[DVD.com note: Aardman Films is a British animation studio known for its stop-motion clay animation techniques. They are best known for their Wallace and Gromit characters. One of my favorite Aardman movies is Chicken Run (2000).]
DVD: What were some of your favorite films to work on?
MD: There's the experience of working on the film, and then there's work that I'm the most proud of. I go with the work I'm most proud of: Grand Moff Tarkin in Rogue One: A Star Wars Story (2016), the Russian spacesuit in Gravity (2013), and Davy Jones in Pirates of the Caribbean: Dead Man’s Chest (2006).
It also really depends on your crew. Each crew is like its own company, and the working dynamics can change completely from movie to movie.
DVD: A lot of people say the work your team did on Grand Moff Tarkin was revolutionary in Rogue One. Tell us a little bit about that work.
MD: Digital humans are sort of the holy grail of CG. Because humans are really skilled at reading faces, it's something that is just inherently hard to pull off. I was one of a team of people working on Tarkin, and it's hard to distill what went into it. There was facial motion capture, and animation, and microexpression sculpting, and flesh sim, and blood flow, and wrinkle displacement, I could go and on.
Here's something that might give you a better sense of what went into it.
DVD: On the Star Wars theme, what is it like to work on film like that that has such a deeply loyal and devoted fan base, and who scrutinize your work so carefully?
MD: You get used to the scrutiny. I certainly don't take it personally. Especially since I'm one of many who contribute to the end product. I also don't spend too much reading the comments. You just have to do your best and hope that it pays off. And if not, there's always another movie to work on.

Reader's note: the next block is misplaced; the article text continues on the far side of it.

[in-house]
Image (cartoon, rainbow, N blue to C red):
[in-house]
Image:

DVD: Is all your work done on computers or is some of it done by hand? What type of computer systems do you use?
MD: All computers, all of the time. We currently use Linux-based systems.
DVD: How did you end up in your career?
MD: I studied Biomechanics (math and physics applied to the body), but had always done creative things—drawing, sculpting, painting, etc. Pursuing engineering was an attempt to be practical, but I was becoming more and more interested in filmmaking. After a brief stint as an engineer in an auto factory, I moved out to San Francisco and started looking for jobs in film (why not LA? Long story).
This was in 1998, only five years after Jurassic Park, and CG was still a relatively new thing.
After asking around at various production houses, someone mentioned I should check out ILM. I looked for months on their website and didn't see any positions I was qualified for, until an entry level position in the Motion Capture department opened up. I had volunteered in a Biomechanics lab in college that happened to use the same technology as the motion capture department at ILM. It felt like a lucky break. After a year in mocap, I learned the creature side of things and eventually moved departments.
DVD: What do you like about your job?
MD: I get to work with incredibly brilliant and talented people. It's also exciting to work on something that so many people get to experience. I really like working in the Presidio of San Francisco, with its trees and wild parrots and moody fog patterns. The gym at work has the best views.
DVD: What don't you like about your job?
MD: The long hours. The lack of direct sunlight. Computers.
DVD: The issue of long hours and the toll it takes on your personal life is one I am intimately familiar with from my years as a television writer. On the one hand, the work you’re engaged in—in my case writing TV comedy and your case being a digital artist—is so engaging and is the kind of work you dream of doing. It’s what you always wanted to do. And yet on the other hand, the hours are so long and your life becomes so unbalanced toward work and away from home and the rest of life that it can take a terrible toll. And you end up questioning whether it is worth it. It sounds odd to complain about, but it is a real issue, isn’t it?
MD: The entertainment industry really isn't an easy one, is it? Work/life balance has been a thing I'm really passionate about for years, and I try to set boundaries, but I still find myself giving into the perpetual state of emergency that is making movies. I'm not sure how we change it. Maybe it's inherent in the creative process, who knows.